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Unlocking TMJ Tension with Equine Bodywork by Jim Masterson



Jim Masterson

Jim Masterson

Unlocking TMJ Tension with Equine Bodywork

The temporo-mandibular joint (TMJ) is the junction of the upper and lower jaw. As such, the joint balances on the teeth. The TMJ is a critically important joint where emotional as well as physical tension easily accumulates. For this reason, keeping the horse’s teeth in balance is an important part of general horse care.  Tension and discomfort in the TMJ transfers quickly to the poll but can directly cause contact or eating difficulties.

The temporal mandibular joint issues will cause tension in the poll, and vice-versa. Conversely, pain or restriction in the poll will affect other parts of the body. Issues in your horse’s body have a way of reflecting in his poll and atlas. Therefore, tension and pain he might have from a sore back or compensation for pain in his feet, is generally going to collect there.

And when the poll tightens up, pain radiates into the TMJ and jaw. It’s very common for me to find horses with excessive pain and tension in the poll due to sore front feet, who have corresponding pain and restriction in the TMJ, but who have had regular dental work done with no serious dental issues.

Jim Masterson TMJDental issues should be ruled out as the teeth themselves can be directly responsible for TMJ pain or restriction. Any horse, especially one that competes or performs for a living should be checked annually by a veterinarian or a trained equine dental technician. Even after a dental problem is corrected, it is a good idea to release the TMJ of any residual restriction.

Other causes of poll pain that can radiate to the TMJ are rider-related.  Over-collection directly affects the poll and the TMJ through the use of the bit. Problems can also develop from using or overusing a bit that isn’t suited to a particular horse’s mouth, especially if dental issues already exist.

By releasing tension in the poll and atlas, you will relieve tension in the TMJ. The following techniques will effectively and safely loosen the TMJ, as well as keep healthy movement in the jaw. These exercises are designed to help release some of the pain and tension, but are by no means a substitute for finding and eliminating the cause of your horse’s TMJ discomfort, he stresses.

Masterson Method for TMJ #1
Place a thumb or fingers inside and on the roof—or palate—of your horse’s mouth, and hold it (them) gently there. This will cause your horse to lick, extend his tongue, and move his jaw from side to side.  Your horse will probably try to move his head around and get away at first, so keep one hand on his halter. This is not to keep your horse from pulling away, but to enable you to go with him as he moves his head around.  As your horse gets used to it, he will even start to enjoy it, especially as he begins to release tension in the TMJ from the movement.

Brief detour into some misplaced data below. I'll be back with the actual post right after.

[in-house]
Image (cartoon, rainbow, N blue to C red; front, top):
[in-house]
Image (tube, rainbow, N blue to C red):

Masterson Method for TMJ #2
Place one or two fingertips very lightly right on the joint of the TMJ.  This is using what I call ‘air gap’ pressure, which is allowing a slight gap of air between you and your horses hair. This will bring your horse’s attention to that area.

Keep your fingers very lightly there, barely touching the hair. Once your horse has relaxed, watch his eyes as you slowly move your fingers around an area about the size of a nickel. SEARCH for a blink in your horse’s eye.  When you get a blink, that is the RESPONSE we are looking for, stay (STAY, STAY, STAY) on that spot , throw away the clock, still barely touching the hair, and wait.

Jim Masterson DiagramYou may have to wait only five seconds, or you may have to wait 30 seconds, before your horse gives you a RELEASE that he is releasing tension. This sign will most often be licking and chewing, or sometimes repeated yawning and shaking of the head. After the release, you can search other places for a blink and continue.  We call this process: SEARCH, RESPONSE, STAY, RELEASE.  If you have time, you can do this on any point on the horse allowing the horse to guide your work.

If your horse has pain in this area, he might not want you to do this. This can be a sign that he needs to release tension there, so stick with it. These TMJ release techniques also serve as a good way to check for pain or restriction.  If your horse responds with visual release responses, such as yawning and shaking the head, then he probably had some pain or restriction there. The good part about this is that you’re already helping him to release it.



Do you have equine bodywork questions?  Jim is now offering the opportunity to ask questions on a free live webinar each month entitled:  “Talk with Jim”.  Go to the website and click on “Talk with Jim” on the menu bar to the left for information on how to participate.

Jim Masterson has been the equine bodywork therapist for the 2006, 2008, 2010, 2012 and 2014 USEF Endurance Teams, and has worked on thousands of performance horses, including competitors in FEI World Cup, Nations Cup, Pan American Cup and the World Equestrian Games. He is the author of the book and DVD Beyond Horse Massage, and DVD Dressage Movements Revealed. He teaches the Masterson Method® of Integrated Equine Performance Bodywork to horse owners and therapists around the world




This article was printed in Performance Horse Digest, Volume 9, Issue 4


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